As we mark the International Day of Democracy, Oladosu Adenike reflects on the impact climate change can have on this cherished concept
Since the advent of humankind, systems of governance and self-rule have concerned us. Political scientists have identified three elements of democracy: a political system for choosing and replacing the government through free and fair elections; the active participation of people as citizens, in politics and civic life; and the protection of human rights for all a country’s citizens.
Over the years, democracy as a concept has dovetailed from its strict Athenian definition to a more flexible term to include the participation of women and minorities.
Laying the groundwork for this change was the United States’ Declaration of Independence by Thomas Jefferson, which reads: ‘We hold these truths to be self-evident, that all men are created equal, that they are endowed by their Creator with certain unalienable rights, that among these are life, liberty and the pursuit of happiness.’
Climate change breeds political instability
As our world is impacted by climate change, we’re seeing an increase in various conflicts and wars. And in my experience, inequality and poverty are often at the heart of these conflicts.
As the 2007 IPCC report says, ‘many of the factors that increase the risk of war and other armed conflicts are sensitive to climate change’. The report also says that ‘the degradation of natural resources as a result of both over-exploitation and climate change will contribute to increased conflicts over the distribution of these resources’.
Climate change affects agricultural productivity and can lead to crop failure. It can also drive the increasing demand of land for non-agricultural purposes. Too often, climate-induced conflicts are from the over-use of natural resources such as land and water.
We’ve seen this play out in Africa, especially in the Lake Chad region where Boko Haram continues to be a threat. One of the contributing factors to the outbreak of armed conflicts in Sub-Saharan Africa is the shrinking of Lake Chad.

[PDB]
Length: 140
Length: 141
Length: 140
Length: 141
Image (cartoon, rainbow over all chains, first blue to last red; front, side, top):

The Lake Chad region serves over 40 million people and water levels have shrunk 90% between the 1960s and the 1990s due to economic hardship, population growth and the climate crisis.
Lake Chad has been part of the region’s culture for over a thousand years: serving communities and bringing social harmony. When that harmony breaks down, democracy is threatened. Both democracy and continued development need a peaceful environment to thrive.
In defense of a green democracy
Democracy as a tool is self-liberating: central to the concept of humanism. Democracy in its best form protects and promotes liberty, human rights and civic privileges. Hence, it is used by the oppressed against their oppressors.
Our world consists of humanity and the natural environment we all live in. Humankind cannot exist without harmony with each other and the environment. We need to update our concept of democracy to ensure ‘a government of the people and the environment by the people and the environment for the people and the environment’.
As a Nigerian, I have seen the negative impact of climate change on world democracies. As the leader of ILeadClimate, I have been campaigning for the restoration of Lake Chad and implementation of green politics in democratic institutions across Africa – especially through legislation. In view of this year’s International Day of Democracy, let celebrate the positive impact of democracy on mankind and the environment.
I have a dream where humanity sees the natural world as co-equal and promotes a democracy that protects the rights of them both.
Oladosu Adenike (firstname.lastname@example.org) is an ecofeminist, climate justice and peace activist. pioneering the green democracy initiative for peace building.